Живая миграция kVM

Живая миграция на kvm

The command I came up with is:

virsh migrate —live —persistent —undefinesource —copy-storage-all \
—verbose —desturi
Where is the receiving host and is the name of the virtual machine to be migrated. I entered this command on the current VM host – as I do not want dependency on any client machine.

First problem: copying the disks

After issuing the migrate command, I got the following error:

Failed to open file '/ssd/vmstorage/migratetest2.swap': No such file or directory

Strange, as I enabled –copy-storage-all , so I thought the help (saying “migration with non-shared storage with full disk copy”) did not lie. The log files did not say anything about this, so I started reading old and not useful comments, posts and mailing list archives. There was one useful hint I though I could try:

Create an empty disk with the same geometry before migrating

You can view the disk image information with qemu-img info:

# qemu-img info /ssd/vmstorage/migratetest2.swap
image: /ssd/vmstorage/migratetest2.swap
file format: raw
virtual size: 10G (10737418240 bytes)
disk size: 8.0K
# qemu-img info /ssd/vmstorage/migratetest2.raw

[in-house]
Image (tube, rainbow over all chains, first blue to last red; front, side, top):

image: /ssd/vmstorage/migratetest2.raw
file format: raw
virtual size: 10G (10737418240 bytes)
disk size: 1.5G

Now I could have created two 10737418240 bytes large images, but I used the same sparse file method I used when I created the original images:

# dd if=/dev/null of=/ssd/vmstorage/migratetest2.swap bs=1M seek=10240

0+0 records in
0+0 records out
0 bytes (0 B) copied, 2,223e-05 s, 0,0 kB/s
# dd if=/dev/null of=/ssd/vmstorage/migratetest2.raw bs=1M seek=10240
0+0 records in
0+0 records out
0 bytes (0 B) copied, 2,4834e-05 s, 0,0 kB/s

 l -h /ssd/vmstorage/migratetest2*

-rw-r—r— 1 root root 10G szept 13 22:07 /ssd/vmstorage/migratetest2.raw
-rw-r—r— 1 root root 10G szept 13 22:07 /ssd/vmstorage/migratetest2.swap

 du /ssd/vmstorage/migratetest2.raw
0    /ssd/vmstorage/migratetest2.raw
# qemu-img info /ssd/vmstorage/migratetest2.raw
image: /ssd/vmstorage/migratetest2.raw
file format: raw
virtual size: 10G (10737418240 bytes)
disk size: 0

As you can see, I have ended up with two 0 byte large disk images, that are really 10GB long and qemu-img do recognise them as 10 GB disks. Let’s try the migration again:

# virsh migrate --live --persistent --undefinesource --copy-storage-all \
   --verbose --desturi  migratetest2
Migration: [100 %]

After checking the running machines list, it did seem to be working.

How good is this libvirt + qemu + kvm migration?

Network configuration

The VM has two network interfaces:

eth0 is connected to a host internal network with DHCP and NAT, so the machines can access the internet without any special configuration. This network has the same name on all hosts and the same IP configuration, so a migration can only cause problems if two machines use the same DHCP address. I assign static addresses to “long life” machines for this reason.

eth1 is connected to a bridge interface on the host that in turn is connected to a switch with all the VM hosts plugged in. This network also has the same name and configuration on all hosts with strict static IP addresses. This way, all the VMs should see each other no matter on what host they are running.